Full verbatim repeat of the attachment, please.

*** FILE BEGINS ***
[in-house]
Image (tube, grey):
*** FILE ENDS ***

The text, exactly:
[in-house]
Image (tube, grey):